>>> part which runs said actions. This allows you to scrutinize the actions
>>> without having to bind your system up. Look up, e.g., the Elm architecture
>>> for this approach. The basic idea is that of a free monad: rather than
>>> running the program, return a command set which can be interpreted either
>>> as a test (where the effects are logged) or as a real system (where the
>>> effects are run). We do this at $WORK, which means we can test all of our
>>> stack without ever having to run the system as a whole in unit tests. In
>>> fact, we don't even need a database, or supervisor tree, since we just
>>> simulate the universe around a process. Integration tests are run later via
>>> a QuickCheck like tool written by Martin Gausby - treating the system as a
>>> black box and poking it from the outside to verify we can glue things
>>> together as expected.
>>> On Fri, Aug 31, 2018 at 7:07 PM Rodrigo Stevaux <roehst@REDACTED>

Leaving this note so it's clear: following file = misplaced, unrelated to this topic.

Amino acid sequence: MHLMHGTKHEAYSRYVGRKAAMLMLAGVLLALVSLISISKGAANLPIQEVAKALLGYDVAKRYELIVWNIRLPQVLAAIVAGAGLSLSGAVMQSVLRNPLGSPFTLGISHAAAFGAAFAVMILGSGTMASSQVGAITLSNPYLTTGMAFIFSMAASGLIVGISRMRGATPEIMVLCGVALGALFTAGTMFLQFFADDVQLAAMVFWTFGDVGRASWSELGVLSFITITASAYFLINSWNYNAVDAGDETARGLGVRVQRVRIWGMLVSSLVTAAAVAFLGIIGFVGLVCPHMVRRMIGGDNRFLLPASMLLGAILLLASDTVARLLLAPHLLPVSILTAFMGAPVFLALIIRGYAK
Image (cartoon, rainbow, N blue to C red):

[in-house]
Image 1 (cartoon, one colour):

>>> wrote:
>>>> yes, we fundamentally are trying to do integration testing.
>>>> unit testing process communication pairwise by sending a message to the
>>>> parent process is something we tried to do and it worked reasonably well.
>>>> but we want to know that the whole composition of processes works well.
>>>> the challenge we found on that approach is that the processes have
>>>> names and we would have to find a way to inject the pid of the "next"
>>>> process in the chain and make it the test process during testing and other
>>>> process during production (which can be done with a little bit of
>>>> instrumentation and conditional compiling -- we are on Elixir actually).
>>>> is using the "sys" module a regular practice?
>>>> thanks for the reply.
>>>> Em qui, 30 de ago de 2018 às 20:33, Fred Hebert <mononcqc@REDACTED>
>>>> escreveu:
>>>>> On 08/30, Rodrigo Stevaux wrote:
>>>>> >Message comes in, logic applies, message goes out.
>>>>> >The generic servers are very easy to test in a pure fashion: just
>>>>> test the
>>>>> >return values of handle_call for a given state.
>>>>> >
>>>>> That can be done as a regular unit test, yes.
>>>>> >But: